- Battle of the Brazos: A Texas Football Rivalry, a Riot, and a Murderby T.G. Webb
Late fall is when aficionados of ancient foes sit in stadiums and before giant television screens to watch as their teams do battle on gridirons across the nation, highlighting the often venomous loathing that certain institutions of higher learning have for one another. The story presented in this fine book documents how and why the rivalry between Baylor and Texas A&M Universities erupted into a riot and was taken to a murderous extreme in 1926.
T. G. Webb does an excellent job of contextualizing the rivalry and how it fit into both the development of the Southwest Conference and the goal of economic expansion in the city of Waco, Texas. The action on the field in the years before 1926 is well covered, as are the shenanigans of students from both institutions after victories (which nearly led to riots in 1922 and 1924). There were (and are) few things that raise the hackles of college students more than seeing supporters of their foe celebrate triumphantly after a contest.
The principal contribution of this book is Webb's detailed analysis of the events surrounding the murder of Charles Milo Sessums and the subsequent botched investigation. There were recriminations on both sides, and the perpetrator(s) of the act never confronted justice in a courtroom. The author utilizes sources from both institutions, as well as a later report by investigators from Pinkerton's National Detective Agency, to get as close as possible to uncovering the truth of the Cotton Palace Riot.
Webb's work ties in nicely with the magnum opus of the late Bertram Wyatt-Brown, Southern Honor: Ethics and Behavior in the Old South(New York, 1982). In the Cotton Palace Riot, a murder was committed primarily due to the questioning of the honor of white southern men within the context of a football game. Whether it was the parading of a donkey (by A&M students), the Aggies' reactions to the celebrations of Baylor Bear fans, or Baylor "women" (or were they men dressed in drag?) being treated disrespectfully by A&M cadets, the uprightness of the Baylor green and gold was called into question, and that, as it did in the nineteenth century, called for fisticuffs to uphold honor. The principal question posed by this work is whether, even after the arrival of the railroad and other trappings of modernity, Waco and the students involved remained mired in antebellum notions. If football was a way to demonstrate how far the community had come by the 1920s, this event showed that it still had a way to go.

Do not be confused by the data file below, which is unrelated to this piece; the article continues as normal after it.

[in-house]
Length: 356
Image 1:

This excellent short book should be part of any course on southern history, the history of Texas, or the history of sport. Given some of the unpleasant events that take place during rivalry week each autumn, it is also a warning about letting our sporting passions get the better of us. [End Page 728]